On July 9 the Garda national economic crime bureau executed a search warrant of Wirecard’s Dublin offices in Foley Street, Dublin 1. 

The Gardaí raided Wirecard on the request of the German police, who are investigating the Munich-headquartered payments company over alleged accounting fraud.

The scale of the alleged fraud is massive. Since the investigations and audits started last October, Wirecard shares have shed €24 billion, or 98 per cent, of their value. About €1.9 billion is missing from its accounts. The company filed for insolvency last month with €4 billion owed to creditors.

The Dublin office was a significant part of Wirecard’s business. In 2016 for example, leaked documents show €121 million in fabricated earnings were booked through Dublin — 41 per cent of Wirecard’s total earnings for the year.

The Financial Times has led the way with the Wirecard story. It quoted emails, for example, from an executive with responsibility for Ireland and Britain in its reports about the business last October. He said he did not know everything about how the business recognised revenue in the UK and Ireland. “I only get a report usually quarterly to book revenue without the back up data to support the calculations,” he acknowledged in an email.

Wirecard specialised in high-risk, lucrative transactions such as in porn and gambling. Reporting by the Financial Times shows Wirecard’s commissions from one network of pornographic sites were as high as 15 per cent, when a typical commission in the online payments industry would be 1-2 per cent. These commissions added to €30 million in the period studied in 2017, making the porn network Wirecard’s sixth-biggest customer at the time.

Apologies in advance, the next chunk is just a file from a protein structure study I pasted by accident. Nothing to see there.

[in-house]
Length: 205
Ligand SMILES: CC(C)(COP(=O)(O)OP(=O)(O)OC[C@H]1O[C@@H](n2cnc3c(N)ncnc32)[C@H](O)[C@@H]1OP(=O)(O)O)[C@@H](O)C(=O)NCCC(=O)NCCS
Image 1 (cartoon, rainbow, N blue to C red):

I visited Wirecard’s offices on Foley Street shortly before the Gardaí raid, at the beginning of the month. I got upstairs but, without a search warrant, found myself peering into a locked, abandoned office. I noticed Wirecard’s nameplate had been removed from the building’s facade.

I went to Foley Street to ask about a specific fraud. I wasn’t there to ask about the missing €1.9 billion, but instead wanted to know about one Dubliner’s missing €600,000.

Fobbed off

David Jago

This man is called David Jago. He told me he had his suspicions for some time — “certain things weren’t adding up,” he said.

He was buying a stake in a business created by a Norwegian business partner when he became concerned about the deal.

He travelled to Oslo to meet “the lawyer” involved in the transaction only to be told by the business partner at the last moment that the lawyer was sick — sick that day, and the next day, and later in the week too. 

“That’s when I grabbed [the business partner] and I said, you and I are going to go find a new lawyer right now, and we’re going to sort this out”, Jago says.

That was April 2017. At that point, Jago says he had given €600,000 to his business partner named Pål Heine Magnussen – €500,000 in loans and €100,000 for shares in Magnussen’s company.

Jago is a Dublin businessman who is managing director of a facilities management company. Before that, he bought and sold a chain of betting shops. It was through sports betting that he met Pål Heine Magnussen.

Jago says Magnussen had assured him his money was coming. There had been delays at the bank, Magnussen said. And to prove the money was there, Magnussen furnished Jago with statements documenting €1.4 million in transfers to a bank account in Magnussen’s name. The bank’s name was Wirecard.

A month passed. Jago was agitated. So, in July 2017 he arranged a meeting in Dublin with Markus Fuchs, managing director at the time of Wirecard UK and Ireland, Claire Lynch, an associate of Jago, and another Wirecard employee.